The City Farmer and My First Tomato! (Book Review)
I first met Lorraine Johnson during a Jane’s Walk last year where she, along with Nancy Chater, led a small group through the ET Seton Park in Toronto to discuss space, water, history as well as to show us the edible weeds in the Don Valley. Interspersed around Tremco, the largest employer in the Don Valley, Lorraine showed us burdock and its tasty root; garlic mustard, an invasive plant that is good in salad and pesto; dandelions, where the young green leaves can be used in salads; and lastly sumac, a shrub with edible flowers. She had prepared sumac lemonade and garlic mustard bruschetta for us to try! I preferred the bruschetta to the lemonade, but it was exciting to think of what you could forage from a Toronto park.
When I saw Lorraine had written a book, City Farmer, about gardening in the city, I was excited to see what perspective she would bring to the table. Sadly, this wasn’t a ‘how-to’ book about creating your own garden, as I’d love one of those, rather it was an equally awesome empowering read wherein Lorraine shares her passion for gardening. Her tales of procuring gardens in odd and far off places, dilemmas between community gardeners, and her own foils with raising chickens in her Toronto backyard are amusing and engaging. During our walk, she retold her story about making dandelion wine and how it exploded in her basement which is also recounted in the book.
In addition to personal anecdotes, she highlights the importance of local food, with figures showing sometimes local, small-scale operations may not be more environmentally friendly. Obviously the best, most locally grown food is from your own backyard. The other benefits of backyard gardening include people tend to eat more vegetables as well! Schools in the US have started to replace gym classes with gardening classes, as you get exercise with gardening as well as the skills to become a lifelong gardener. What I loved about the book is Lorraine that dispelled my own myth that you need a backyard to have a prolific garden. She highlighted groups within and outside Toronto that encourage community gardening with limited resources. She also features creative ways of gardening, including Marco Pagliarulo‘s balcony pot that houses both a compost and plants in one.
She describes guerilla gardening, where rogue gardeners plant in public places. With a lone tomato plant within a flowerbed, would you stop and ponder its existence? Would you be tempted to pick the ripe tomato? While the public is content with flowering plants, why is it so odd to have edible plants on public property? Why is it so uncommon for people to have vegetables in their front yard? Harvesting fruits and vegetables is typically done with privacy. There is a prolific mulberry tree near the bus stop where I used to work and it always brought a smile to my face when I would see someone pick the berries to snack on as they waited for the bus. There were also a lot more mulberries that landed on the ground, though, recolouring the sidewalk purple.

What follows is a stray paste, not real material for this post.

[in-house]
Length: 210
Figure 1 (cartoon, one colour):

It wasn’t that long ago, that I said I would not be gardening this year: I had plants on my balcony three years ago, but they would quickly dry out and my red pepper never grew big enough to be picked. I was worried I wouldn’t be able to water my plants often enough, with the hot sticky Toronto summer that has recently dawned upon us. My mom assured me that with a deep-dish planter with moisture-retaining soil, I would have a greater chance of success, so my parents gave me a planter filled with mint, basil, and garlic chives for my birthday.
Consider myself converted to balcony gardener. While I was reading the book, filled with stories of guerilla gardeners planting tomato plants in potholes, I was offered my choice of heirloom tomato plants from Vicki’s Veggies, leftover from their seedling sale. I jumped at the opportunity to snag a few neglected plants that may not otherwise be planted, and precariously balanced 12 tomato plants on my way home on my bike. I was in a tizzy as I read the names of the tomato plants: amazon chocolate, negro azteca, lemon drop, green zebra, indian stripe, ivory pear, tangella cherry, ruby pearl, canabec, green grape cherry, purple cherry… They were initially a bit parched and a bit droopy, and I lost 2 growing tomatoes en route home, but I figured any tomato from the lot would be a bonus. And, I am happy to report I ate my first lemon drop cherry tomato today and it was delicious! No recipe needed, just pluck and plop in your mouth! I look forward to a tomato-, basil- and mint-filled summer.